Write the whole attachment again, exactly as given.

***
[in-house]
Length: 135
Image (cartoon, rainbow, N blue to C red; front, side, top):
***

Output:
[in-house]
Length: 135
Image (cartoon, rainbow, N blue to C red; front, side, top):